Dr Axel Kaufmann, CFOO & Spokesman of the Executive Board, Nemetschek Group, explores how buildings can be planned, built and managed much more sustainably over the entire construction lifecycle
Two megatrends are dominating the social discussion and present both major challenges and opportunities: alongside digitisation, sustainability is right in the spotlight.
Climate targets, the circular economy, CO2 pricing, the use of the latest methods and processes – there are countless initiatives and measures across all industries to curb climate change and its consequences. Every single one of them is challenged. The construction industry is leading the way – after all, almost 40% of total global CO2 emissions are currently generated in the building sector.
The good news is that significant improvements can be achieved with proven digital solutions. Over the entire lifecycle of a building, it can be planned, built and managed much more efficiently and thus more sustainably – cost savings included.
A rethink is currently taking place among many stakeholders in the construction lifecycle. Governments are also imposing increasingly specific requirements on the implementation of construction projects that pay attention to sustainability. In addition, the Covid-19 pandemic has given digitalisation an extra boost, and the start-up industry is simultaneously providing many creative ideas for more sustainable construction.
So, what is standing in the way of the rapid transformation to a sustainable and digitised construction industry? It is often traditions, rehearsed processes and familiar ways of working, a certain degree of silo thinking in the individual professions and, last but not least, the inertia of clients.
Indeed, it is also up to decision-makers, builders, owners and landlords to demand sustainability or a circular economy from the rather conservative and highly fragmented construction industry. Every decision they make today, even when it comes to the private single-family home, will have an impact on the next 20 years – or even longer. As a result, it’s not enough to sit back and let others drive the necessary transformations.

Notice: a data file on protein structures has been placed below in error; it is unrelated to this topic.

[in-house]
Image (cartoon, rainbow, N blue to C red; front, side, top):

And there’s no other way than more digitisation, even if you exclude the issue of sustainability. The complexity of large-scale projects is increasing rapidly. Whereas in the past it was still possible to build on greenfield sites, today new buildings often have to fit into existing already built environments. The number of people involved in the construction process is growing. The result: 90% of all construction projects get out of hand in terms of quality, costs and/or time.
BIM and AI
Digitalisation can occur in individual steps or, ideally, holistically across the entire construction lifecycle – from planning through the design and construction phases to building operation. Through digital construction before the actual, through the use of the working method Building Information Modelling (BIM) as well as Artificial Intelligence (AI), both planning and implementation can be improved, and conflicts and incorrect specifications can be detected at an early stage.
In this context, we at the Nemetschek Group view the building lifecycle as a cycle in which data is continuously collected and reused. The question of who owns this data, which was often asked in the past, is no longer an obstacle. Individual professions involved in the construction planning and realisation process access and edit their data and avoid data loss by simply passing on the data – thanks to open BIM interfaces.
By using the entire “data intelligence”, for example, the management of a structure can be optimised and better, fact-based decisions can be made for the next project. Another advantage of such seamless documentation is that even years later it is possible to see which material was used where – this is the only way to reuse raw materials. The two challenges of digitisation and sustainability thus go hand in hand – with the construction industry as a good example of much untapped potential.
Dr Axel Kaufmann
CFOO & Spokesman of the Executive Board
Please note: this is a commercial profile.